Explorations in Black Leadership

Co-Directed by Phyllis Leffler & Julian Bond

Leadership in High School: School Plays and Protests

BOND: Now, something more mundane — were you ever in a leadership position in high school and in college, student government, that sort of thing?

JONES: Yes, I was. I'll give you two contrasting examples. One, the same Marylee Shappee, our drama teacher. Well, there had been problems — I think this is the order of things. We had done The Music Man, the Buddy Hackett part, the kind of the clown was given me. Buddy Hackett is supposed to have a girlfriend at the dance, but once again, in this community, the only community I had known, suddenly on stage to be a girlfriend would be too much of a statement so I had to dance a solo. The showman inside of me loved it. The other one knew there was something weird about this, so she just allowed me to make it up and I made it up. The whole community came to its feet applauding, but why was I dancing alone? That's another issue. I think she tried to circumvent that.

The next project was going to be Arthur Miller's The Crucible. She let me direct it and I'm seventeen. Now, she was there with me, but I don't know if this was somehow or other she was rewarding me or she was heading off something and then there was the walkout because the issues of the '60s had come to our little town and girls wanted the right to wear pants and they were not allowed them, so we organized. We — I — organized a spontaneous walkout. It was a cold December morning and we're all outside chanting as we had seen on television the way you're supposed to protest and so on and I became this face of it. The state troopers came to the high school to examine my locker. The principal, a decent man, Mr. Hulbert, called me into his office and asking me did I know what I was doing. I said, "you know, there's a revolution happening in this country" — A revolution, right. Girls should wear pants. Well, a revolution happening. He said, "lower your voice." I said, "are you trying to suppress my freedom of speech," and he said, "buster, you don't know what you're talking about and you should just" — I don't remember everything, but he threatened to call my mother in and he did call my mother in and this is when I understood something about Estella because when he called her in all she could think about was those white people and her boy.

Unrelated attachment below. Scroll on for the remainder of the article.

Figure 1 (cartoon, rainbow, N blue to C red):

BOND: Right.

JONES: And she spoke in that language, "just because my" — Now, you have to realize this is a very proper and if they're listening to this anywhere because I often sound like I'm beating up on my small town, but when Estella at 200-plus pounds wearing her leopard skin coat and a hat this big and a giant purse, when she came in there, they would move like this because she was going to raise hell because it was always — Now, I've seen this the negative as well, we know the problems with urban youth and maybe mothers or fathers who excuse the children's behavior because of racism, but anytime they called her in, she knew it was a plot of white people trying to get her boy, her boy. Lynching. All of that.

Yes, those events were seminal events. It didn't take much for me to become a leader because I felt I was performing being outrageous and talking to Mr. Hulbert, man-to-man like this, he was a good man. He definitely deserved more respect, but suddenly it became black and white for me. It was not about him being this father figure anymore.